Satellite tracking in outdoor team sports

This article follows up on our Satellites for Sports series, elaborating on the dissemination of space-based technologies across the European and global sports industry.

One of the most prominent examples of space data in sports is the boom in satellite-based tracking devices. After smartphones, wearables are the second most sold Global Navigation Satellite System (GNSS) devices. According to the European GNSS Agency (GSA) market report, GNSS wearables reached 70 million shipments in 2019 alone.

The silver economy is a key driver, mostly for health-related solutions. But also the democratisation of sports and fitness equipment for all ages plays an important role. In an earlier episode of Satellites for Sports, How satellite navigation tackles Covid-19 in sports, it was already pointed out that this technology can be an effective tool to keep both amateurs and professional athletes as fit as possible during the lockdown and return-to-play period.

While smartwatches represent the biggest share in this trend, performance tracking devices have set foot on all levels in outdoor team sport. Our recent series of success stories demonstrates how satellite tracking is being deployed in different sports and on multiple levels; from a professional women’s field hockey team in the Netherlands, and Irish amateur athletes in the Gaelic Games, to a semi-professional rugby club in the United Kingdom. In this highlight, we explain the technology behind the trend.

Wearable trackers

While services vary from one company to another, the technology to track the physical performance of players implies similar features. The most distinctive are the, low-weight and waterproof wearable devices incorporating a GNSS receiver, motion sensors (notably: accelerometer, gyroscope and magnetometer), and heart-rate monitoring capabilities.

Depending on the product, extra features are added to measure even more deeply physiological and activity variables, such as breathing frequency, skin temperature, and posture.

The device goes in a compression vest with a pocket located on the back, which keeps it firmly in place. The reason why the device goes on the back of the athlete is because trackers on the wrist, such as a smartwatch, are generally not allowed in competitive games. Moreover, a device placed on the back allows for better accuracy by reducing the amount of noise in variables, as it also points directly at the sky, avoiding body shadowing which can obstruct satellite signals.

JOHAN Sports, ESA BIC Noordwijk

Software and sport specific metrics

As for the software, a digital platform allows to load, store, visualise and analyse the data collected by the wearable tracking devices. Coaches can then follow the performance of their players on a digital interface such as a tablet. The data can be transmitted via Bluetooth for post training or game analysis. Some systems even allow for continuous real-time and automatic data communication through wireless connections and cloud services.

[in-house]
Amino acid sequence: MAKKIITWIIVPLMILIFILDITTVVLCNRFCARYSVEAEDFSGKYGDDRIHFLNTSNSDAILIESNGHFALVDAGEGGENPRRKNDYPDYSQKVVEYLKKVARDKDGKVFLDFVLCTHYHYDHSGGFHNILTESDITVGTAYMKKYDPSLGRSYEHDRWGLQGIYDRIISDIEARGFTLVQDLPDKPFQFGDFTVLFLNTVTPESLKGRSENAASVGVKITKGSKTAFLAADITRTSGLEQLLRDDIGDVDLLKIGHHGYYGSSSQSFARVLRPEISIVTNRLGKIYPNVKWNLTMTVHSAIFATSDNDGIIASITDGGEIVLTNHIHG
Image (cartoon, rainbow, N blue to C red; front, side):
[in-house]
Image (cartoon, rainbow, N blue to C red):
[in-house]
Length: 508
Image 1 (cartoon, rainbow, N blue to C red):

Typically, metrics can be tailor-made and dashboards customised to fit the specific needs of the user. For example, the performance indicators and mechanics in rugby, as well as the field itself, are different from those considered in hockey. Scrum events for instance, which are a means of restarting play in rugby, have been associated with a higher risk of injuries.

Several companies developed software tools (e.g. Sonra Scrum Analysis and Rugby Suite) designed to better quantify these game-specific demands. These tools enable coaches to monitor scrum load and contacts in games and training. Following post-session analysis, coaches can read datasets about scrum duration, the total impact and the peak force of the impact during engagement, the synchronisation of the engagement of each player measured in milliseconds, as well as the time it takes for a player to get back to feet.

The relevant information can be selected in a user-friendly way. The data can then be used for many different purposes, such as to optimise training, injury prevention and recovery, team tactics, scouting, and even fan engagement.

Positioning technologies

Tracking players can be done in different ways. As every system comes with its own advantages, video analysis and local positioning systems provide alternative, and even complementary options.

Video-based tracking relies on multiple cameras looking for players’ time-motion, and is an excellent tool for tactical analysis because it captures all aspects of the game. However, a lack of mobility in camera setup is one of the limitations of video analysis along with the difficulty to determine the exact point where players move from one speed category to another.

Local Positioning Systems (such as ultra-wideband or Wi-Fi) are typically used for indoor sports, or outdoor sports that are held within a defined area. Again, setting up the system (beacons plus connectivity) can cause additional barriers. On the other hand, satellite navigation does not work well on its own indoor, but when used outside it does not have these limitations. While it provides some tactical insights, satellite tracking shines out in providing in-depth data on velocity and acceleration, position, covered distance, and workload. As a result, GNSS tracking has become the primary tool to monitor physical performance in outdoor team sports.